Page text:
6 | 0.01497587 | 0.01402552 | 0.01402552 | |||

7 | 0.00424458 | 0.00392164 | 0.00392164 | |||

8 | 0.00104741 | 0.00096442 | 0.00096442 | |||

9 | 0.00022489 | 0.00021005 | 0.00021005 |

In this method, as in the CGC scheme, an

The stationary distribution of state probabilities is defined by solving the appropriate SGEE. The solution of an SGEE again presents problems with exact calculation for high-dimensional state spaces (

Here, we offer strict analysis of these formulas; moreover, we will prove that the formulas are exact if the system satisfies the local balance condition.

In the FGC scheme, as in the CGC scheme, the cell state at any time is described by a bidimensional vector

Because the loss probability of an

Let us denote the probability of the merged state

Thus,

Then, the initial QoS metrics from (

Hence, to calculate the QoS metrics in (

If the system satisfies the local balance condition, then the merged state probabilities are defined as follows:

The proof is provided in the appendix.

Thus, taking (

By applying these formulas to the special cases, we obtain exact formulas for the QoS metrics (

Note that closed-form solutions (

The problem of how to provide a given level of handling quality for different call types is scientifically and practically very interesting. The solution of such problems requires some regulated parameters. Thus, in some networks, for which the distribution of channels between cells is fixed, only call admission control parameters can be regulated because controlling loads present a difficult task and one that is sometimes practically impossible.

It is extremely difficult to develop a method for finding the optimal parameter values for the FGC scheme, as this strategy contains a large number (exactly

First, we will study the problem of organizing the fair handling of different call types. As stated above, as

However, in real life, absolutely fair handling is not required, and so we may choose to introduce the concept of

Considering that

Solutions for the problem (

10 | 10 | 10 | 20 | 20 | 20 | 20 | 20 | 20 | 20 | |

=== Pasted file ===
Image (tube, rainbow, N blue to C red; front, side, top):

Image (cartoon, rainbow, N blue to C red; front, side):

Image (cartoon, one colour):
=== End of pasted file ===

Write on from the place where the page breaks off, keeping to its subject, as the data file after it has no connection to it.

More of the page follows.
10 | 10 | 10 | 15 | 15 | 15 | 15 | 15 | 15 | 15 | |

2/3 | 2/3 | 2/3 | 2/3 | 2/3 | 2/3 | 2 | 2 | 2 | 2 | |

0.4 | 0.3 | ≤0.2 | 0.2 | 0.3 | 0.4 | 0.4 | 0.3 | 0.2 | ≤0.1 | |

8 | 9 | 10 | 16 | 13 | 11 | 13 | 15 | 17 | 20 |

Now let the QoS for different call types be measured by the limit values of the loss and blocking probabilities; that is, the limitations for their upper bounds are set as follows:

Then, the optimization problem is formulated as follows: find the extreme values of the parameter

Given the monotonicity of

If

If

If

If

Note that the dichotomy method can be used to solve the problem in Step

A similar method is developed for solving the following problem:

Combining the solutions of problems (

Solutions for the problem (

0.1 | 0.1 | 0.1 | 0.1 | 0.5 | 0.5 | 0.5 | 0.5 | 0.5 | 1.0 | |

4/3 | 4/3 | 4/3 | 1.0 | 1.0 | 1.0 | 1.0 | 1.0 | 1.0 | 2.0 | |

10^{−2} | 10^{−2} | 10^{−2} | 10^{−2} | 10^{−3} | 10^{−3} | 10^{−3} | 10^{−3} | 10^{−3} | 10^{−3} | |

10^{−4} | 10^{−5} | 10^{−6} | 10^{−3} | 10^{−4} | 10^{−5} | 10^{−6} | 10^{−7} | 10^{−8} | 10^{−7} | |

[ | [ | [ | [ | [ | [ | [ | [ |

It is possible to pose other similar QoS optimization problems; however, due to space limitations, they are not considered here.

We have provided exact and simple formulas for the calculation and optimization of QoS metrics for traditional wireless network models, assuming that the two fundamentally different types of calls (new and handover) do not have identical channel occupancy times. It is important to note that the adaptation of the proposed approach for next generation networks is straightforward.

To prove the above-mentioned proposition, we must first prove the following lemmas.

If the system satisfies the local balance condition, then the following equations hold:

If the system satisfies the local balance condition, then the following equations hold:

We use a technique proposed in [

Summing over the parts of the equation in Lemma

Consequently, from Lemma

Now let us suppose that the system does not satisfy the local balance condition; one can use the following approach. Taking into account the relations in (

For notational simplicity, we assume that the states

Now, various schemes may be used for the unification of channel occupancy times. If we use the heuristic from [

By using the proof schemes from our lemmas, we conclude that right side of (

This research was supported by Basic Science Research Program through the National Research Foundation of Korea (NRF) funded by the Ministry of Education, Science and Technology (Grant no. 2010-0003269).